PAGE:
Some African countries are opting to negotiate debt relief individually with China and other rich nations because of concerns they will be blocked from financial markets by the G20 debt deal to help poorer countries get through the economic shock of the coronavirus pandemic.
The deal, to suspend debt payments to the end of the year for the world’s poorest nations, was agreed in April, but private lenders – who hold US$154.9 billion of the total long-term debts of sub-Saharan countries, estimated at US$493.6 billion have rejected its blanket approach to debt relief.
The G20 finance ministers invited private creditors, working through the Institute of International Finance, to participate in the initiative on comparable terms but the lenders have insisted they will negotiate with African countries on a case-by-case basis, a stand also favoured by Beijing. The G20 has
no power to force them to take part in the deal.
The response from eligible countries has also been lukewarm, because of a clause that blocks countries requesting relief from
“contracting new non-concessional debt during the suspension period, other than agreements under this initiative”.
Kenya has rejected the proposal and several low-income countries have also been reluctant to take up the offer.
Kenyan treasury cabinet secretary Ukur Yatani has said his country will negotiate at a bilateral level with China, France, Germany, Sweden and Japan to secure a moratorium on debt service payments for around a year, citing fears the G20 offer may lead to a downgrade of Kenya’s credit rating that could
limit its access to loans at favourable terms from international finance markets.
Only 22 of the 77 nations eligible for debt relief have requested it, according to the International Monetary Fund. Mali is among the countries to receive debt relief from the G20 and the Paris Club, a group of major creditor countries.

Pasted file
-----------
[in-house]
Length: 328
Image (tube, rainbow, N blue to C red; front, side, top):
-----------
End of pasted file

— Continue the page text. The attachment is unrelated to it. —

Virag Forizs, emerging markets economist at London-based Capital Economics, said the modest uptake of the G20 offer “could be indicative” of the fears expressed by low-income nations about their future credit ratings and access to international private finance.
“Kenya’s example suggests that this was the reason for opting out of the G20 debt service suspension deal,” she said.
As countries shun the G20 deal and private creditors decide to play hardball, analysts say China’s role will be an important one to watch. China’s agreement to participate in the G20 deal suggests that Beijing is on board with bilateral debt relief to lower-income economies,” Forizs said. However,
“were China to renege on the deal or play hardball with debtors, that could be damaging from a reputational point of view”.
Last week, while addressing the World Health Assembly, Chinese President Xi Jinping said Beijing would work with other G20 members to implement the debt service suspension initiative for the poorest countries.
“China is also ready to work with the international community to bolster support for the hardest-hit countries under the greatest strain of debt service so that they could tide over the current difficulties,” he said.